A refrain that is often heard in the hockey world is that the game has changed.
But, aside from some tinkering here and there, the rules haven’t changed substantially in almost a century.
It’s not the game that has changed. It’s the people that have changed. More specifically it’s the attitudes that people have about the game that have changed.
The point of the game always has been to put more pucks in the net than the other team. It doesn’t matter how you do it. What makes hockey such a great game is that there are a number of different ways you can attempt to outscore your opponent. You can try to beat them with speed and offense. You can try to out-defend them. You can focus on dominating special teams. You can try to intimidate and wear your opponent down physically. Ideally you want to do a combination of everything well.
What we’re seeing in the NHL right now is a game where offensively skilled players are highly sought after. Particularly ones who can skate well and control the puck.
We’re also seeing a league where teams aren’t afraid to dress smaller players on a regular basis after years where it seemed anyone under 6’0 tall was considered a long shot to make it.
There is a perception that we have a style of play in the league today that allows smaller players to thrive where they couldn’t have in past decades. But smaller players could always play in the league. They just often weren’t given the chance because people had biases about size.
Skating, puck handling and offensive skill were always important factors to winning. This isn’t a new thing. However teams in previous eras had a bias towards size that just didn’t make a lot of sense.
And, to be clear, that’s not to say smaller players are generally any faster or more offensively skilled than a taller player. Because that is a bias within itself. Skills such as skating and scoring don’t generally correlate with a players height. But in decades past we had a situation where teams would often dress a bigger player over a smaller more skilled player just because of an unjustified desire to have a taller player in the lineup.
But ten to twenty years ago, when NHL general managers valued a players height to an inappropriately high degree, shorter players were still often some of the best performers. Looking back over the couple decades prior to the current era, the NHL’s top ten scoring list regularly featured plenty of players under 6’0 tall. Think names such as; Fleury, Oates, Hull, Mogilny, Gilmour, Bure, Naslund, Sakic, Yzerman, Recchi, Kariya, Gagne, Alfredsson, Savard, St. Louis, Palffy, Briere, Gomez, Sullivan, Weight and Datsyuk.
The difference is, in those days, those players were considered the exception to the rule. They were considered the players who succeeded despite their small stature. But that just isn’t necessarily true. If you look at the numbers you might be surprised to find that after being drafted players made the NHL at virtually the same rate no matter what their height. The myth that a tall player had a better chance at making the NHL than a shorter player isn’t necessarily proven by the facts. If anything a lot of the biggest draft steals were shorter players while a lot of the worst busts were taller ones.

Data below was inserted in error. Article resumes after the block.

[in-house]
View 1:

Large size and positive results never did correlate to success as much as people thought. Once teams started figuring out that you need the best players, not the biggest, those teams started winning.
There are other size biases we’ve seen over the years. One that gets repeated often is that big players take longer to develop. They don’t take longer to develop- they were given longer to develop. A big player was often irrationally given chance after chance to succeed where a smaller player would have been buried in the minors long before.
Another one is that smaller players are more prone to injury and to suffering from the wear and tear of a long season. This is something that still gets repeated but who knows why? Has any piece of evidence ever been presented to suggest that smaller players are more prone to injury than larger players? Being large men didn’t seem to help Eric Lindros or Mario Lemeiux avoid the infirmary.
And of course any time a smaller player failed to make the NHL, invariably the reason given is that he was “too small”. No one seems to consider that maybe he just simply wasn’t good enough. But when a huge player like Jason Bonsignore or Hugh Jessiman busts does anyone say they were “too big”?
One of the big advantages that we’ve seen with advanced stats is that the hard numbers help to eliminate some of these biases that existed. But there are still biases that exist in today’s game. There always will be. And the teams that figure out what those biases are, and exploits them, will usually be a team that has success and then becomes emulated.
While teams in the past overvalued size we’ve now seen the pendulum swing in the other direction. And sometimes the pendulum can swing too far the other way. Teams now might now be overvaluing offensive skill and undervaluing the impact of physical play. If you think a big, physical team couldn’t succeed in today’s NHL remember- the game never really changes that much. It’s people’s attitudes about the game that change.